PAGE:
Tree Hotel in Sweden

Ever fantasize about living in the trees? Now you can. In northern Sweden they've done it, and done it so well. Check it out the Treehotel. Incredible!

5 Day Ashtanga Yoga Intensive at Yogayama with Laruga


August 16th - August 20th 
Yogayama - Stockholm, Sweden
18:00 - 20:00 (6pm-8pm)

Join me, for a deepening journey through the soul of Ashtanga yoga. Practical knowledge of internal alignment, focusing on the fundamental principles of vinyasa, joining movement and breath, balancing strength and flexibility, will be integral to the intensive. A perfect way to jump start your practice or simply delve deeper into an existing practice, extending a week that will challenge, inspire, and stretch not only the body, but your preconceived potential.

950 SEK

India Envy


I can't help but have a bit of India envy. When there, there are many times I throw my hands up and want to be somewhere else, you know, those crazy situations that push my western mind, but has a way of pulling me back. Time and time again. Taunting me.

Another favorite.

European Nudes and American Prudes

"Regimen is superior to medicine."  (Voltaire)

In Sweden, July is vacation month, well, put it this way, it is for much of Europe.  A concept that is completely foreign to my American mind. Month long vacations are unheard of in the United States, unless you're a student or on disability, and I wouldn't really call disability a vacation.Various shops and small business owners shamelessly, and with great pride, post signs on their doors stating, "closed for the summer." Rock on. I like this European attitude (smile).

Living in Europe there are innumerable common factors in comparison to living in America. Simple fact. It's not like going to India, or other parts of Asia, where much in regards to life and culture scream contrast. On the other hand, there are subtle differences beneath the surface. In America, we celebrate our "freedom." However, why are we so uptight? I can say this because I'm American (and at times, uptight). Ok.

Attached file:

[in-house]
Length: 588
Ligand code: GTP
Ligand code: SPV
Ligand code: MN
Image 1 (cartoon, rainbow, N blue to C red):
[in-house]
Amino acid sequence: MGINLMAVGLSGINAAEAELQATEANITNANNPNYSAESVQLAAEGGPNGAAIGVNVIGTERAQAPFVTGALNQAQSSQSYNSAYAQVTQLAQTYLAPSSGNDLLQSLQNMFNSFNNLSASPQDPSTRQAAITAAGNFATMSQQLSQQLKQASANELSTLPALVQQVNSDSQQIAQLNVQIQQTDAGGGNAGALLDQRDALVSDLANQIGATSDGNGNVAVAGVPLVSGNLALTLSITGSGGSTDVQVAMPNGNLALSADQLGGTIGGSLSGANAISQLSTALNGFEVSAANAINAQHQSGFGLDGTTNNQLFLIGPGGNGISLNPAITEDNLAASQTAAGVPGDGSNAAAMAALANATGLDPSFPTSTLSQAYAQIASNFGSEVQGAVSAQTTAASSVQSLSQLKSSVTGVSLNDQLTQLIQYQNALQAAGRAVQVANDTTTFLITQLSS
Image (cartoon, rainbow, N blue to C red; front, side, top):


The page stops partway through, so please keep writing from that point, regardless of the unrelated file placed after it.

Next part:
After reading the following article, European Nudes and American Prudes, by travel guru Rick Steves, it got me thinking. For one, when it centers around our bodies and sex we don't stand a chance. In Europe, nudity isn't a big a deal. I've seen bare ass on regular television commercials as if common place. No, they weren't infants, but grown adults. On normal t.v. shows and movies, on regular channels, it isn't a big deal to see a woman's breasts or even full frontal nudity both male and female. It's never done distastefully or for shock value, it just is. In many ways Europeans on the whole seem to be more comfortable with their bodies. Why is that? Why is there such a disconnect with our bodies, and our sexuality in the United States?  Of course there are exceptions, but I'm talking about as a whole. We are more apt to accept inflated violence on television versus nudity. I don't get it.

When it comes to sex, I 'm not even sure I should go there. As Americans we tend to be convoluted in our thinking centered around the topic. It's no wonder people are confused. Oh well, I might as well go there. In Sweden, for instance, sex education has been in the schools since 1956. Wow. That's pretty darn progressive if you ask me. The curriculum starts at the age of 6 with basic anatomy then progresses from there at the age of 12 where topics are guided towards disease and contraception. Really, I don't see a problem with this. Especially since the percentage of teenage pregnancy is one of the lowest in Sweden compared to other developed countries. In America, we have one of the highest. Also, studies are showing that introducing sex education early doesn't equal teenagers having sex earlier. Duh. Swedish teenagers actually wait a bit longer than American teenagers. In my simple opinion, when open and not fearful over our natural biological states, what is there to worry about? I mean, really.

From a yogic perspective, sexual energy is simply a form of spiritual energy, inherent in all of us. It can be transformed into something beautiful. Through yoga and other energy practices it never has to be a scary thing or even nonspiritual, and in my eyes, how can anything which boils inside of use be that? We walk on sacred ground when connected from this place, and to suppress it does a great disservice. Honestly, suppression causes major problems, and opens a whole new can of worms.

I'm no expert on the topic, and with that being said, I find amusement in the stark differences in life and culture. It opens my perspective. Takes me out of a comfort zone and opens my eyes to something new. Then from here, I enter into a new place within myself, and just maybe release some of my uptightness.

I love this song. 

"Yoga is showing where to look for the soul-that is all. Man is taking a human body-this is a very rare opportunity. Don't waste it. We are given a hundred years to live; one day you have the possibility to see God. If you think in this way, it is giving you good body, good nature, and health"